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Body mass index (BMI) dynamics in Vietnam.
Eur J Clin Nutr 2008; 62(1):78-86EJ

Abstract

OBJECTIVE

To provide an overview of dynamic shifts in body mass index (BMI) and nutritional status patterns of the Vietnamese population from 1992 to 2002.

DESIGN

Nationally representative, cross-sectional surveys.

SETTING AND SUBJECTS

Secondary data obtained from The Living Standard Survey in 1992 (24 068 individuals) and the National Health Survey in 2002 (158 019 individuals).

METHODS

Nutrition status was defined by comparing measured BMI, grouped for under- and overweight with the Centers for Disease Control and Prevention 2000 BMI growth charts for the 2-17 year-olds and the World Health Organization 1995 cutoff points for the 18-65 year-olds.

RESULTS

Over the 1992 and 2002 period, minimal changes were observed in the prevalence of overweight (from 1.4% (95% confidence interval (95% CI): 1.0-1.8) to 1.8% (1.6-2.0)) and underweight (from 32.1% (30.4-33.7) to 33.5% (32.8-34.1)) among 2-17 year-olds. In contrast, among 18-65 year-olds, the prevalence of overweight and obesity increased (from 2.0% (1.5-2.4) to 5.2% (5.0-5.4)) and underweight declined (from 32.6% (31.2-33.9) to 24.8% (24.3-25.3)). Urban residents experienced larger reductions in underweight and increases in overweight than rural residents. Analyses of BMI levels for the 15th, 50th and 85th percentiles, by age, revealed a trend of increasing BMI that was higher among adults, females and urban residents.

CONCLUSION

Although underweight remains the main concern, overweight is an emerging problem in Vietnam. Early prevention is needed to prevent overweight from causing undesirable effects on health and economic in the transitional period.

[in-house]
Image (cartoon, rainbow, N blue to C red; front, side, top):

Authors+Show Affiliations

Department of Nutrition and Carolina Population Center, University of North Carolina, Chapel Hill, NC 27516-3997, USA.No affiliation info availableNo affiliation info available

Pub Type(s)

Journal Article
Research Support, N.I.H., Extramural
Research Support, Non-U.S. Gov't

Language

eng

PubMed ID

17299463

Citation

Tuan, N T., et al. "Body Mass Index (BMI) Dynamics in Vietnam." European Journal of Clinical Nutrition, vol. 62, no. 1, 2008, pp. 78-86.
Tuan NT, Tuong PD, Popkin BM. Body mass index (BMI) dynamics in Vietnam. Eur J Clin Nutr. 2008;62(1):78-86.
Tuan, N. T., Tuong, P. D., & Popkin, B. M. (2008). Body mass index (BMI) dynamics in Vietnam. European Journal of Clinical Nutrition, 62(1), pp. 78-86.
Tuan NT, Tuong PD, Popkin BM. Body Mass Index (BMI) Dynamics in Vietnam. Eur J Clin Nutr. 2008;62(1):78-86. PubMed PMID: 17299463.
* Article titles in AMA citation format should be in sentence-case
TY - JOUR T1 - Body mass index (BMI) dynamics in Vietnam. AU - Tuan,N T, AU - Tuong,P D, AU - Popkin,B M, Y1 - 2007/02/14/ PY - 2007/2/15/pubmed PY - 2008/3/25/medline PY - 2007/2/15/entrez SP - 78 EP - 86 JF - European journal of clinical nutrition JO - Eur J Clin Nutr VL - 62 IS - 1 N2 - OBJECTIVE: To provide an overview of dynamic shifts in body mass index (BMI) and nutritional status patterns of the Vietnamese population from 1992 to 2002. DESIGN: Nationally representative, cross-sectional surveys. SETTING AND SUBJECTS: Secondary data obtained from The Living Standard Survey in 1992 (24 068 individuals) and the National Health Survey in 2002 (158 019 individuals). METHODS: Nutrition status was defined by comparing measured BMI, grouped for under- and overweight with the Centers for Disease Control and Prevention 2000 BMI growth charts for the 2-17 year-olds and the World Health Organization 1995 cutoff points for the 18-65 year-olds. RESULTS: Over the 1992 and 2002 period, minimal changes were observed in the prevalence of overweight (from 1.4% (95% confidence interval (95% CI): 1.0-1.8) to 1.8% (1.6-2.0)) and underweight (from 32.1% (30.4-33.7) to 33.5% (32.8-34.1)) among 2-17 year-olds. In contrast, among 18-65 year-olds, the prevalence of overweight and obesity increased (from 2.0% (1.5-2.4) to 5.2% (5.0-5.4)) and underweight declined (from 32.6% (31.2-33.9) to 24.8% (24.3-25.3)). Urban residents experienced larger reductions in underweight and increases in overweight than rural residents. Analyses of BMI levels for the 15th, 50th and 85th percentiles, by age, revealed a trend of increasing BMI that was higher among adults, females and urban residents. CONCLUSION: Although underweight remains the main concern, overweight is an emerging problem in Vietnam. Early prevention is needed to prevent overweight from causing undesirable effects on health and economic in the transitional period. SN - 0954-3007 UR - https://www.unboundmedicine.com/medline/citation/17299463/Body_mass_index__BMI__dynamics_in_Vietnam_ L2 - http://dx.doi.org/10.1038/sj.ejcn.1602675 DB - PRIME DP - Unbound Medicine ER -